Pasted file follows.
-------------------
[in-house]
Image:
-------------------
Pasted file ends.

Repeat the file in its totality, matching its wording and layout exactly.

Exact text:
[in-house]
Image: